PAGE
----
• Alex Neil:

        We need a real assessment of the value for money from the RET. My view is that it has been highly successful. The whole purpose of it was to help the economy and the social fabric of the island communities; my impression is it is an investment that has been well worth making, but we need evidence that that is the case.

      • Fraser McKinlay:

        We set out on page 25 in paragraphs 37, 38 and 39 what Transport Scotland has done to date: it has evaluated the pilots, which look good. That is positive. There is variation in impacts on different routes, which is why it is important—this is Alex Neil’s point—to have a more global assessment of the significant money that is being invested in the RET; for example, evaluation of the RET on the northern isles service next year. That kind of evaluation would not only assess how much the RET has cost and what it has done for passenger numbers, but what its knock-on impact on local economies has been. That is the key bit—the extra link that is missing at the moment.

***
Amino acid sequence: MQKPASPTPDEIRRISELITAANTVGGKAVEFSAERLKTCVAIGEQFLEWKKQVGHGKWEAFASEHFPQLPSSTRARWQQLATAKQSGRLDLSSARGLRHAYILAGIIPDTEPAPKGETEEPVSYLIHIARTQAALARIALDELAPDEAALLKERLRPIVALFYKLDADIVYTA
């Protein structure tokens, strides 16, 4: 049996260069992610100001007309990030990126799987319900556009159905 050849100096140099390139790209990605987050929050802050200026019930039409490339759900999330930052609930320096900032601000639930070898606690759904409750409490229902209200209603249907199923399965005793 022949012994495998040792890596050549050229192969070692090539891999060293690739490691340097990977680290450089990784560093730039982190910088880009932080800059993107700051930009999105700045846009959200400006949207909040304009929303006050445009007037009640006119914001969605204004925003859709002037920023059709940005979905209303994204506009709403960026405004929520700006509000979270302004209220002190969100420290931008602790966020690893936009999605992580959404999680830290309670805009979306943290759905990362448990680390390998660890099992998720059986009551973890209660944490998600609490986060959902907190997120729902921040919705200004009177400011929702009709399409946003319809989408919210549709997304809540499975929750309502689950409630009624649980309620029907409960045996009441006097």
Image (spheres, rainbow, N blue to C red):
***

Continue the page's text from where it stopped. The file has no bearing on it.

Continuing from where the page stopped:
• Alex Neil:

        Purely from the narrow point of view of an accountancy exercise, I do not think that we know the full benefit of the positive aspect of the RET. We now need to start looking at that.

      • Fraser McKinlay:

        Yes. Passenger numbers tell a bit of the story, but we really want to understand, for example, the spend per head of people on the island and the make-up of the passengers. Higher spending passengers are clearly better than lower spending passengers. Numbers tell part of the story, but a more sophisticated assessment of actual economic impacts of the numbers trends once people are on the islands and spending their money is needed.

      • Alex Neil:

        This is my final question. There has rightly been substantial increase in investment in our ferry services. Despite that, there is still an issue around the age profile of the ferries. It seems to me that we went through, in the 1980s and 1990s, a period of investment starvation, and we have not yet been able to catch up totally with the backlog that was created as a result of that very lean period. Have you had an opportunity to consider the situation in 10 years or in 25 years? The work of CMAL is obviously important in terms of raising capital and so on, but is the age profile improving, and is it improving fast enough?